steve mason

meet the humans

Over a decade after The Beta Band quietly broke up, Steve Mason has returned to the melodic, eccentric pop that many fans probably wished he would have pursued after their dissolution. There’s a more classicist producer at the helm, too, in the shape of Elbow keyboardist Craig Potter, also contributing piano and organ.

Not that Meet The Humans is a duller listen than Mason’s other work, however, more that the experimentation and anger has been channeled into infectious songs, enhancing emotions rather than sabotaging them. Take Alive, which mixes beats, melodica and splashes of droning, buzzing tambura into Mason’s most accessible creation since The Beta Band’s Dry The Rain; or Through My Window (in fact, a demo that Potter and Mason decided to keep intact), a delicate mantra of seesawing guitar and piano, over which Mason sadly intones: “Is there anybody free… is there anybody out there?”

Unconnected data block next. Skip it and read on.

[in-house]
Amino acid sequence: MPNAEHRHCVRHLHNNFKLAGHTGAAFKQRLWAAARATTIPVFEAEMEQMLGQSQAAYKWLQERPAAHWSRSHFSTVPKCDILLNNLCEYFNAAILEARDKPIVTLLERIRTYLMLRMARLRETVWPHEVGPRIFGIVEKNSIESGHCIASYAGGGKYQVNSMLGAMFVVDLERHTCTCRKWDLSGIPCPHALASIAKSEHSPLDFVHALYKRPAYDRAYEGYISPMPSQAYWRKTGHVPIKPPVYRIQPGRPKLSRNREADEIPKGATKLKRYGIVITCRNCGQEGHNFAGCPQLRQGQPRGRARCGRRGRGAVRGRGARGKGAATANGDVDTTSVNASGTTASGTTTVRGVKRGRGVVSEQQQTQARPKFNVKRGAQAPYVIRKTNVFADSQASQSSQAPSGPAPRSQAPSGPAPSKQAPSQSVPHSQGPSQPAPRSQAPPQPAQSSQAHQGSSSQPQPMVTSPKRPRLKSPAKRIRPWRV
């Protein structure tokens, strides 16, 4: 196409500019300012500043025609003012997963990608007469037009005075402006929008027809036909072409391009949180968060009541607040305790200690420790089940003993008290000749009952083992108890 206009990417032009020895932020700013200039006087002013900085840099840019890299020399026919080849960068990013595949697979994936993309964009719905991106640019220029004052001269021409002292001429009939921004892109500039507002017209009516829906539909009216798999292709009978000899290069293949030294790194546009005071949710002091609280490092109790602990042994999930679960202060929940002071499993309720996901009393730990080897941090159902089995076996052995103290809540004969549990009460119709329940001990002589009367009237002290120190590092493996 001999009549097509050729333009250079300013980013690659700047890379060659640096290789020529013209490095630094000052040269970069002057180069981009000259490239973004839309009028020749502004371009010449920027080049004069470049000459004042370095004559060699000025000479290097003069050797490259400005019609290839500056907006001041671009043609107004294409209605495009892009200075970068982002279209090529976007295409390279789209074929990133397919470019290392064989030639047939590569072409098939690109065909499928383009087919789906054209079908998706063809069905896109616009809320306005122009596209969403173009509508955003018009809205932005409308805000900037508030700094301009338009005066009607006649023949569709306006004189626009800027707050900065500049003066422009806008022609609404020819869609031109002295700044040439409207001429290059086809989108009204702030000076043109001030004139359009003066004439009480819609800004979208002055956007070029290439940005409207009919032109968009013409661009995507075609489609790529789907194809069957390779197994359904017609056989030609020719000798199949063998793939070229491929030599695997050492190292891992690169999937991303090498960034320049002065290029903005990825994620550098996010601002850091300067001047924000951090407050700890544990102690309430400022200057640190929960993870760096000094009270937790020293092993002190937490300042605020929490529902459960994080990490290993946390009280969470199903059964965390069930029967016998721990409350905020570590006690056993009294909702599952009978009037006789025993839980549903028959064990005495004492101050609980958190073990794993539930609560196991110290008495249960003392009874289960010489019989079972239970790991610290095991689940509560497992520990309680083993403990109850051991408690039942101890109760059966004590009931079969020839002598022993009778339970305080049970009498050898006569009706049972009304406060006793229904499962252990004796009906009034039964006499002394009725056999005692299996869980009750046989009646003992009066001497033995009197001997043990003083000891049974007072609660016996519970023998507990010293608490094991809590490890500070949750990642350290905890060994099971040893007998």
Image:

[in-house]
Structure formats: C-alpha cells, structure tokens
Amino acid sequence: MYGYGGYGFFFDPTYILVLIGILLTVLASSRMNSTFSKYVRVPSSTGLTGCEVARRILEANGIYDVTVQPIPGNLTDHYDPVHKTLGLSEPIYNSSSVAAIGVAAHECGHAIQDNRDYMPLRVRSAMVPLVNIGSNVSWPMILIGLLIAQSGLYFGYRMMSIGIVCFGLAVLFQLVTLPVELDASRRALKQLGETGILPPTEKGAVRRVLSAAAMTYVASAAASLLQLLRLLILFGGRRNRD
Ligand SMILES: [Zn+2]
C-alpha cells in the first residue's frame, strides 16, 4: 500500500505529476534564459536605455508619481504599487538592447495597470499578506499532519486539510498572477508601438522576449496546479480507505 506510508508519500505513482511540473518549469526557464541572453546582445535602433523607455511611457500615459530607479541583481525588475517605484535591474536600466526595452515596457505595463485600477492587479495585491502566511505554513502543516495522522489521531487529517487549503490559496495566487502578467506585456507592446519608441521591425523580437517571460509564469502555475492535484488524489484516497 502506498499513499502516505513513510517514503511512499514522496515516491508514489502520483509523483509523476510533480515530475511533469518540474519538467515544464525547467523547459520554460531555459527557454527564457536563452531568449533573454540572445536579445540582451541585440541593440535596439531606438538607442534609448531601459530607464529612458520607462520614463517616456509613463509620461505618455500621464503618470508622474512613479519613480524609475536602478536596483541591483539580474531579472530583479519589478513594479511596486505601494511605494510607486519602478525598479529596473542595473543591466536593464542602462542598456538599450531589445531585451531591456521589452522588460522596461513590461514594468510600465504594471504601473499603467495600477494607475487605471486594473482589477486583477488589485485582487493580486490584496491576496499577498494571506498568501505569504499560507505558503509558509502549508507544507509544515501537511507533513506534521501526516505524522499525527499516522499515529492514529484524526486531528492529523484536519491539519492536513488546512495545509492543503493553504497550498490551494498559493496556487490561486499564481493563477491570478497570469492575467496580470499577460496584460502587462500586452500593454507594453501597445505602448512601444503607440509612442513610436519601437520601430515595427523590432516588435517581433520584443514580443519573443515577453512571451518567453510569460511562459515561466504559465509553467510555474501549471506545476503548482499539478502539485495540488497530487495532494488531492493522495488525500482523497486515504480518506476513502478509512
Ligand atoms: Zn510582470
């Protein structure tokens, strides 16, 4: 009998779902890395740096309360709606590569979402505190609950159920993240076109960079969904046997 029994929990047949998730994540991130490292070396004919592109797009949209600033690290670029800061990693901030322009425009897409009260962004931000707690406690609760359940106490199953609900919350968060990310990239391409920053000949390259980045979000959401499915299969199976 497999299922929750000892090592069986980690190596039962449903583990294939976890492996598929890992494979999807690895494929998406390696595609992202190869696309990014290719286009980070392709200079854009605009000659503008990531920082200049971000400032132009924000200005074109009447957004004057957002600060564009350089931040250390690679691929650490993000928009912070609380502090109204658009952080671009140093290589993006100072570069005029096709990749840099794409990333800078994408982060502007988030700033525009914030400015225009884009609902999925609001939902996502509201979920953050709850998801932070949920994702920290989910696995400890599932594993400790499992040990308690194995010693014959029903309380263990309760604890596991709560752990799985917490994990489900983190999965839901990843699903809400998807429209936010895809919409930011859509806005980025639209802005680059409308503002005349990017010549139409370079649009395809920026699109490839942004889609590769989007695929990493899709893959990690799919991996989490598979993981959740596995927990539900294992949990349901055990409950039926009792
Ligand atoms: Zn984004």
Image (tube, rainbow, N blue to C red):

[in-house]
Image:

It turns out that Mason does windswept, ornate indie well too, with orchestrations sweetening the sonic field on To A Door and Ran Away, the latter dripping with strummed acoustic guitar, piano, organ and rather grand strings. The closing Words In My Head is a more bracing surprise, however; over a swift, ’90s breakbeat and piano stabs, Mason sings to his listeners – “Can I give you something sweet, in the way that makes you click your feet?/So you’ll come back to me… Can you feel the words in my head?” It’s a bittersweet ending to Mason’s most joyous, exultant offering in years.

Tom Pinnock

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